- Secondary commercial rates fell by 2 per cent in the first quarter of 2015, while prime commercial rents rose by 3 per cent
- Residential rates continued rising, increasing 2 per cent over the quarter
- Declines are expected in late 2015 and 2016 as the impact of lower oil prices begins to be felt
Rents in the Abu Dhabi commercial sector stagnated in the first quarter of 2015, according to a report by US real estate giant CBRE.
Average rentals for secondary office space were AED1,125 ($306) a square metre a year (sq m/y) in the first quarter, a 2 per cent fall on the fourth quarter of 2014.
However, prime office rents increased 3 per cent over the quarter, after remaining flat through 2014, according to the CBRE report. Average prime office rentals are now at AED1,900 a sq m/y, showing a highly tiered market.
We are seeing a very different picture in the performance of prime and secondary commercial space, says Matthew Green, head of research and consultancy for CBRE in the UAE. There is a comparatively small offering of new grade-A buildings. Most of the upcoming supply is in a secondary location or is not the best quality.
Total office supply has reached 3.8 million sq m, but there is a high level of uncertainty over Al-Maryah Island. The area was designated a financial free zone in 2013, and Mubadala has ceased leasing in two buildings until regulations are in place.
With 1.44 million sq m due to be delivered between 2015 and 2018, further declines are expected in secondary office rents.
The impact of lower oil prices will not be felt until 2016, as budgets start to be reined in, especially from government departments, says Green. But there will be no negative impact for prime office space due to the lack of supply, as oil and gas companies will continue to bid for projects.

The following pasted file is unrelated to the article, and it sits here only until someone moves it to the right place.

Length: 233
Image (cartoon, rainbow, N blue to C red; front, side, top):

CBRE expects Abu Dhabis GDP growth to slow to 3 per cent in 2015 due to its heavy reliance on oil, although spending will continue to the end of the year.
Residential rental rates increased by 2 per cent over the first quarter of 2015, compared with 3 per cent in the fourth quarter of 2014, the report continues.
A two-bedroom unit now costs AED141,000 a year, while a three-bedroom unit averages about AED168,500 a year.
It is unclear when a proposed rental matrix will introduced, after rent caps were removed in late 2013. Average rent increased by 12 per cent in 2014, while significant rises in utility rates have caused concern over costs of living.
Residents are moving outwards in search of more affordable rents, to areas such as Al-Reef Villas, where a second phase was announced in late 2014.
However, there is a small volume of new stock entering the market, with only 35,000 units expected by 2018. Existing units reached 246,000 in 2014.
The rate rises have been evenly spread over the year and the market is not getting ahead of itself as in Dubai. There is less speculation and more end-user demand, says Green. We expect to see growth in the second quarter followed by stagnation and negative growth of less than 5 per cent due to the knock-on impact of lower oil prices.
Residential sales were stable quarter-on-quarter, but have risen 14 per cent for villas and 12 per cent for apartments year-on-year.